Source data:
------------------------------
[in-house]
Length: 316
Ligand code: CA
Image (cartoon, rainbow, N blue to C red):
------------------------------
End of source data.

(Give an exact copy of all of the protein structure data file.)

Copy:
[in-house]
Length: 316
Ligand code: CA
Image (cartoon, rainbow, N blue to C red):